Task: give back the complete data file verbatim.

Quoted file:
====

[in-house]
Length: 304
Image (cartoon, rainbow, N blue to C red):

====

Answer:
[in-house]
Length: 304
Image (cartoon, rainbow, N blue to C red):